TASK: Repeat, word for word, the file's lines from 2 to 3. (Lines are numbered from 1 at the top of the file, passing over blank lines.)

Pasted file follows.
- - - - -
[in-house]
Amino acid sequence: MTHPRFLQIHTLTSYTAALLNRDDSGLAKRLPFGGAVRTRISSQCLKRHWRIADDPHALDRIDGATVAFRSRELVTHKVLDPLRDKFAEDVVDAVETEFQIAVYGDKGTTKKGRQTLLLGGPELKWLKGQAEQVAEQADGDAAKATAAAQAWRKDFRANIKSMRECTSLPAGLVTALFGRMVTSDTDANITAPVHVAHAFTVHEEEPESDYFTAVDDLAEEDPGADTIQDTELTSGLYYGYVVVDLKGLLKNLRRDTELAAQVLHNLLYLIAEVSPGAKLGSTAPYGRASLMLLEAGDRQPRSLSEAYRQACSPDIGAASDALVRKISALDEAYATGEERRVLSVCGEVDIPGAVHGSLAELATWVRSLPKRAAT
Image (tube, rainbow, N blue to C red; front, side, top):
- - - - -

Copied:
Amino acid sequence: MTHPRFLQIHTLTSYTAALLNRDDSGLAKRLPFGGAVRTRISSQCLKRHWRIADDPHALDRIDGATVAFRSRELVTHKVLDPLRDKFAEDVVDAVETEFQIAVYGDKGTTKKGRQTLLLGGPELKWLKGQAEQVAEQADGDAAKATAAAQAWRKDFRANIKSMRECTSLPAGLVTALFGRMVTSDTDANITAPVHVAHAFTVHEEEPESDYFTAVDDLAEEDPGADTIQDTELTSGLYYGYVVVDLKGLLKNLRRDTELAAQVLHNLLYLIAEVSPGAKLGSTAPYGRASLMLLEAGDRQPRSLSEAYRQACSPDIGAASDALVRKISALDEAYATGEERRVLSVCGEVDIPGAVHGSLAELATWVRSLPKRAAT
Image (tube, rainbow, N blue to C red; front, side, top):